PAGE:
Wednesday, August 03, 2005

ATTACK heart of failed GOP economic faith

Deregulation, privatization, low taxes on the wealthy and corporations, anti-unions (both domestic and foreign)--which of these has been a success for average Americans?

Deregulation has led to Enron and related Wall Street scams. Unless you are in the top tier of investors, you can't know if the information you are getting on companies you are invested in or thinking of investing in is accurate.

When energy was deregulated, the prices shot through the roof and rolling blackouts resulted here in California, and the Northeast blacked out through corporate indifference to maintaining infrastructure when it wasn't required by law.

Letting corporations decide how to deal with environmental and labor concerns on their own has had equally disastrous results.

Privatization has been an even greater disaster. In principle (like communism) it should work beautifully: the profit motive should encourage efficiency and cost savings. In practice, there are two fatal flaws:

  1. The buyer and consumer of the services are not the same people. If the congressional committee or agency picks a low bidder who provides a crappy product or no product at all, they don't feel the effects, and the public doesn't even necessarily connect the dots back to that decision-maker.
  2. The contracting process is easily corrupted by campaign contributions and the revolving door. The first is self-evidently true. If someone makes a political donation, they will get special consideration. The second is a more insidious and deep-rooted. When you look at the history of businesses like Bechtel and Halliburton that have had their corporate officers like George Schultz, Cap Weinberger, and Dick Cheney go back and forth between Cabinet secretary positions and their corporate boardrooms, it's obvious they aren't taking a break to donate their services to our country--they are pursuing corporate profits by other means. Cheney's deferred compensation from Halliburton simply brings this out into the open.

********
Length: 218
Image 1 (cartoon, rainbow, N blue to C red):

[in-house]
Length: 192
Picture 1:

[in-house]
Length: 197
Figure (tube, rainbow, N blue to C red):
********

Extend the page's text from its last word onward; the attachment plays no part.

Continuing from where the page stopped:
Low taxes on the wealthy and corporations have been pursued since the Reagan era despite the vast majority of economists repudiating "trickle down" economics (a term right wing propagandists contort themselves to avoid while still defending the concept). What we have have lost in public services like education far outweighs the few low wage jobs that might be generated for extra caddies and cabana boys at country clubs.

Their anti-union policies have been the equivalent of an Iraqi IED, blowing countless Americans out of the middle class and into the Walmart class of working poor. Their trade policies not only undermine unionization here, but in the countries at the other end, freeing their governments to be even more brutal in stopping their workers from banding together to demand a living wage, and those are the people that we will call terrorists and spend hundreds of billions to kill when they get so desperate that they come here and blow themselves and a couple of Americans up too.

In the economic realm, doing what is morally right is also practical and in the security interests of the United States. We don't have many Europeans come over here and blow stuff up because they are relatively happy with their lives. Our own political system is more stable when we have a broad middle class, as is our economy when people make enough money to buy the products they make as even nazi-loving Henry Ford realized a hundred years ago.

The GOP economic platform benefits very, very few Americans, and you could almost list them by name and count them on your fingers and toes.

No one in Washington is saying this because this policy is bought and paid for with political donations and revolving door jobs for most Republicans and many Democrats.

For most of human history, there has been one economic model: those with the most money or brute force took from everyone else and reduced them to servitude and survival level poverty. For brief time in the United States and for a bit longer with more success in Europe, we tried another model, nurturing a broad middle class, giving all a chance at education, owning a home, and participating in the democratic process.

While there was a communist threat, the corporate world and the wealthy pretended to ally themselves with the middle and working class. But now that that dragon is slain, they have turned and pointed the long knives, still hot and dripping with blood, at our hearts.

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